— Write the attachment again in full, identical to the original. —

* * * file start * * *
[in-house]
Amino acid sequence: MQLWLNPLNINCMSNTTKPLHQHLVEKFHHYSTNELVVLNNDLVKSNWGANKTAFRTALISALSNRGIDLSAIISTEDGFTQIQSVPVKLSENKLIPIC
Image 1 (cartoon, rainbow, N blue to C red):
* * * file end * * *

[in-house]
Amino acid sequence: MQLWLNPLNINCMSNTTKPLHQHLVEKFHHYSTNELVVLNNDLVKSNWGANKTAFRTALISALSNRGIDLSAIISTEDGFTQIQSVPVKLSENKLIPIC
Image 1 (cartoon, rainbow, N blue to C red):